The Post-Christian Public Square

By Fielding, Ellen Wilson | The Human Life Review, Summer 2009 | Go to article overview

The Post-Christian Public Square


Fielding, Ellen Wilson, The Human Life Review


Whether we are for it or against it, the accelerating secularization of what used to be called Western civilization (and what we may here perhaps less polemically refer to as Europe and its offshoots) is observable fact. The less prosperous and generally politically unstable countries constituting much of Latin America, Africa, and Asia seem split between those coveting the level of physical ease and prosperity that most Westerners have access to and those hating, despising, and fearing the West as a deadly moral and spiritual pollutant.

And even if we have not quite sold our souls to the devil in exchange for our historically unprecedented standard of living, many in Europe and its progeny have paid a high spiritual price. A recent British poll disclosed that only one third of British teens profess belief in any God, with an astounding 50 percent claiming never to have prayed (though 84 percent had at one time or another found themselves in a church). Closer to our borders, the Canadian newsweekly Maclean's pithily titled its April 7, 2009 story on religion among Canadian young: "Youth Survey: Teens lose faith in droves."

Things aren't quite as bad in the anomalously more religious U.S. The Pew Research Center reported recently that nearly 60 percent of Americans pray daily, and the total percentage of self-described atheist, agnostic, and secular unaffiliated only slightly topped 10 percent. A more worrisome figure for those charting the future was the 25 percent of young American adults aged 18 to 29 who described themselves as religiously unaffiliated as of late 2007. Adolescence and young adulthood, when people are determining what part of their cultural heritage, including religious and moral beliefs, they shall make their own, have always been the most common time for a period of doubt and unsettled religious convictions. Young people commonly sort themselves out spiritually as they mature and especially as they come to form their own families. But many of those towards the end of the surveyed age category are likely to have already settled into communities and formed families - and some may have decided that marriage and children do not appeal. In addition, Americans throughout the life cycle are showing more of an inclination to roam from church to church, and of course less compunction in picking and choosing which parts of their creeds to assent to.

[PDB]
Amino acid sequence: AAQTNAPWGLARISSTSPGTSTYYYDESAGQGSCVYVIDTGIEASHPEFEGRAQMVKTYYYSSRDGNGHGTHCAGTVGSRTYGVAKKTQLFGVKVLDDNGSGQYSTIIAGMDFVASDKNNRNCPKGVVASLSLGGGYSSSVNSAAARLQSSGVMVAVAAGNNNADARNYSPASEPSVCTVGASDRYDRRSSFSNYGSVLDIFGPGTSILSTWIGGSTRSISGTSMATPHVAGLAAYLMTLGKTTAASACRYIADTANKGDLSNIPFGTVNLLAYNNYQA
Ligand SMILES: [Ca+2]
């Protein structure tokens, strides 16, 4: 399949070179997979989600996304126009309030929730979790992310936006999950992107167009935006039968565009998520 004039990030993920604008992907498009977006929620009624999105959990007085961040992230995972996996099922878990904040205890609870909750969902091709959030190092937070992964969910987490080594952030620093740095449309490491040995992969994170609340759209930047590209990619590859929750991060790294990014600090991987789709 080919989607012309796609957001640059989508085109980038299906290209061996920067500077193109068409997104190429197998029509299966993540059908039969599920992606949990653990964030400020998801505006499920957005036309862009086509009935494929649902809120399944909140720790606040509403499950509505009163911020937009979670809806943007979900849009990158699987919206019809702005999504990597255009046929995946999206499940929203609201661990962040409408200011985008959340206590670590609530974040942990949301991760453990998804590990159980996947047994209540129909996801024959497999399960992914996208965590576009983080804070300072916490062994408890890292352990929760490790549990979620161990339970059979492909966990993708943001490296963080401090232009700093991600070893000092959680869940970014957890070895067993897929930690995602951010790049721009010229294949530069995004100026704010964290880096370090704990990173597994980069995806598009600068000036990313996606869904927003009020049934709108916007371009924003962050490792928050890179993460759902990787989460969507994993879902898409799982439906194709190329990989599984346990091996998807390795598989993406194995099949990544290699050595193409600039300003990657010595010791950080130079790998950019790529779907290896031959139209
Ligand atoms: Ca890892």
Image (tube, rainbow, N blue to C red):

In fact, merely checking a box on a survey instrument or responding "yes" to a phone-poll query does not assure the continuity of Christian religious belief. New Age-y and Eastern Religion Lite versions of theism abound, ushering modernity into a brave new world where God has successfully been cloned in our image. According to these more user-friendly religions, God is disposed to be well pleased with us, pretty much whatever we do; he/she smiles benignly as society sets off on ever more self-involved and self-destructive schemes.

So even in the U.S., we have wandered rather far from the faiths of our fathers. Just how far is partially masked by how much of the language and the trappings and the seasonal imagery of traditional Christianity persists. And therefore it is perhaps difficult to fully realize the moral effect of letting go of the Christian ethical imperative. And there is another red herring as well. We find it hard to imagine a non-Christian or post-Christian Western democratic society because we are so aware of how imperfectly Christian all past samples have been. At various times and to varying degrees, the Western nations have indulged both individually and collectively in slavery, genocide, racism, child abuse, religious persecution, brutal wars external and internal, as well as theft, corruption, denial of rights - well, we know the history. From the 1960s on, historians have lingered over the failures and hypocrisies of Western civilization almost lasciviously. This may be evidence of our own era's wholesome disposition toward humility, but more likely and depressingly, our recent eagerness to despise our forefathers betrays a hankering after moral superiority over more pious past generations. …

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